Sinking the Sultana: a Civil War Story of Imprisonment,
Greed, and a Doomed Journey Home


Sinking the Sultana

In April 1865, the steamboat Sultana departed from Vicksburg, Mississippi, its overcrowded decks carried more than 2,000 recently paroled Union Soldiers. They had been prisoners of war at Andersonville and Cahaba prisons. About forty civilians—men, women, and children—plus a large pet alligator were also onboard. On April 27, after stopping for coal in Memphis, Tennessee the boat resumed its journey on the Mississippi River, heading for Illinois.  Less than two hours later, three of the boat’s four steam boilers exploded. The Sultana quickly became a towering inferno. More than 1,200 people died in what became the worst maritime disaster in United States history.

What reviewers said:

“Replete with vivid details, including the terrible conditions in Confederate prisoner-of-war camps, Walker’s engrossing narrative builds to a horrific description of the terrified passengers’ actions and ensuing civilian rescue efforts. Although Walker conveys astonishment, even outrage, that no one was held responsible for this tragedy, she presents the evidence with an even hand.”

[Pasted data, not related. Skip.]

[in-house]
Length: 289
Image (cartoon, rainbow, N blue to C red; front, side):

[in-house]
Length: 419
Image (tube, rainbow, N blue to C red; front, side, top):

Publishers Weekly (starred review)

“In addition to archival illustrative material, Walker makes extensive use of primary sources...a finely detailed, well-researched chronicle of a little-known disaster.”Kirkus Reviews

“Readers who have already devoured the abundance of material on the Titanic will be drawn to the story of the Sultana, which despite being the “worst maritime disaster in American history” is often overshadowed. A riveting and informative addition to nonfiction collections.” School Library Journal

Awards & Honors:
• 2018 Jefferson Cup Award Winner (Virginia Library Association)


ISBN 9780763677558 Candlewick

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